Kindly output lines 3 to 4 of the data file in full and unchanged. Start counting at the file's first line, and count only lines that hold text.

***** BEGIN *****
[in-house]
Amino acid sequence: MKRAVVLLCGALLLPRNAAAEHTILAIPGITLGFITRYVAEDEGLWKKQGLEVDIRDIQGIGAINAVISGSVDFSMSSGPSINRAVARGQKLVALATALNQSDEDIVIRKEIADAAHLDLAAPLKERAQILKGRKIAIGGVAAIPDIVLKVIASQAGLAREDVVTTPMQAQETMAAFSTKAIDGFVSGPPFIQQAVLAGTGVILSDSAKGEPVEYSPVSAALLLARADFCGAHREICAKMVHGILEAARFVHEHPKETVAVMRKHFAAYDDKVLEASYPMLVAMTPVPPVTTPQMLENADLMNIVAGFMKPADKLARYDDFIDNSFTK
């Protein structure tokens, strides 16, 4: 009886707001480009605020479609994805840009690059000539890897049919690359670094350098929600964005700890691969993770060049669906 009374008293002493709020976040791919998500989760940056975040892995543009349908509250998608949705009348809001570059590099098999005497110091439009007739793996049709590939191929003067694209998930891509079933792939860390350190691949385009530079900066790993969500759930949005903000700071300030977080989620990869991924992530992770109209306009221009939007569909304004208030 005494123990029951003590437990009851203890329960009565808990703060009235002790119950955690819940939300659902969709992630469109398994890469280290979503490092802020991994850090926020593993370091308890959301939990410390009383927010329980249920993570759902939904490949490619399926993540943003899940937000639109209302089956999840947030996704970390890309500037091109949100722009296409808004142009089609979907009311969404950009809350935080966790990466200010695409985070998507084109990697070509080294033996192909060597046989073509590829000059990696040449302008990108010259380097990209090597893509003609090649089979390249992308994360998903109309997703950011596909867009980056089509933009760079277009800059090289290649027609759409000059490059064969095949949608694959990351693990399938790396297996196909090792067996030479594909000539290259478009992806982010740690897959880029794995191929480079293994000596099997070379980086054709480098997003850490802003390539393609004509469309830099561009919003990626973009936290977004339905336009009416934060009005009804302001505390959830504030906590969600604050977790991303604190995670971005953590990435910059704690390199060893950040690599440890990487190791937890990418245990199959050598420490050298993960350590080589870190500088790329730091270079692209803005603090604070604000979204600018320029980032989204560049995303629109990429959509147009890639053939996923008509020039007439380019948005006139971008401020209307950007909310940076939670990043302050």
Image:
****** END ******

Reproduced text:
């Protein structure tokens, strides 16, 4: 009886707001480009605020479609994805840009690059000539890897049919690359670094350098929600964005700890691969993770060049669906 009374008293002493709020976040791919998500989760940056975040892995543009349908509250998608949705009348809001570059590099098999005497110091439009007739793996049709590939191929003067694209998930891509079933792939860390350190691949385009530079900066790993969500759930949005903000700071300030977080989620990869991924992530992770109209306009221009939007569909304004208030 005494123990029951003590437990009851203890329960009565808990703060009235002790119950955690819940939300659902969709992630469109398994890469280290979503490092802020991994850090926020593993370091308890959301939990410390009383927010329980249920993570759902939904490949490619399926993540943003899940937000639109209302089956999840947030996704970390890309500037091109949100722009296409808004142009089609979907009311969404950009809350935080966790990466200010695409985070998507084109990697070509080294033996192909060597046989073509590829000059990696040449302008990108010259380097990209090597893509003609090649089979390249992308994360998903109309997703950011596909867009980056089509933009760079277009800059090289290649027609759409000059490059064969095949949608694959990351693990399938790396297996196909090792067996030479594909000539290259478009992806982010740690897959880029794995191929480079293994000596099997070379980086054709480098997003850490802003390539393609004509469309830099561009919003990626973009936290977004339905336009009416934060009005009804302001505390959830504030906590969600604050977790991303604190995670971005953590990435910059704690390199060893950040690599440890990487190791937890990418245990199959050598420490050298993960350590080589870190500088790329730091270079692209803005603090604070604000979204600018320029980032989204560049995303629109990429959509147009890639053939996923008509020039007439380019948005006139971008401020209307950007909310940076939670990043302050």
Image: